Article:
The transcript of Wednesday night’s Lateline story The Fall and Rise of Brian Burke is being carefully analysed in Perth. Although Burke, the program’s central figure, declined to appear, one of his successors as state premier, Carmen Lawrence, did. And Dr Lawrence chose her words carefully, almost as if being coached.
Why the intense interest in the Lateline coverage? Because a growing number of Perth political watchers suspect that the clinically depressed Geoff Gallop, who banned his ministers from having official contacts with Burke, was either pushed or assisted out of the premiership by Brian Burke’s supporters. And according to this early line of thinking Lawrence could be the next victim, losing endorsement for her blue ribbon Fremantle seat.
Many Burke loyalists have not forgiven Lawrence for setting up the WA Inc Royal Commission. At the time, Gallop was an up and coming Lawrence government minister.
Sharp pencils have been used on the many copies of the transcripts of the program doing the rounds to underline each of Dr Lawrence’s responses:
LATELINE: But it’s Brian Burke’s political legacy that remains the defining issue today for many on both sides of politics. Former Premier Carmen Lawrence established the Royal Commission that ultimately led to her predecessor’s downfall. Are people scared of Brian Burke?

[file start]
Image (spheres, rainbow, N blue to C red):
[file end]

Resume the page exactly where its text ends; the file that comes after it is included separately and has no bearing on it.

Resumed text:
CARMEN LAWRENCE: Some people probably are. They probably exaggerate the influence he has within the party and within the community. I don’t see why they should be afraid of him, but that’s a possibility.
LATELINE: Does he still have scores to settle, in your view?
CARMEN LAWRENCE: Well, some people have suggested that’s the case.
CARMEN LAWRENCE: Well, I wouldn’t want to speculate about that, but that’s what you hear said within the Labor Party, that there are scores being settled from time to time. Whether that’s true or not, I don’t know. I don’t maintain contact with the ins and outs of the local party.
LATELINE: Do you think he has a vendetta?
CARMEN LAWRENCE: I have no idea whether he’s entertaining such an idea. But as I was … there are people who are concerned that that’s the case…
Look, I think it’s important that people such as Brian, anyone for that matter who’s been in his position, [are] allowed to go ahead and make a living and make choices about how he supports his family. But I think there’s a bigger problem in Australia and in some ways the position of Mr Burke illustrates it. And that is, that there are politicians, including, for instance, Peter Reith, the former premier of NSW, Bob Carr, and Mr Burke who use their connections within the political parties from which they came to further the interests of corporations who employ their services and I have a very real concern about that.
All eyes will soon be focused on the Fremantle pre-selection.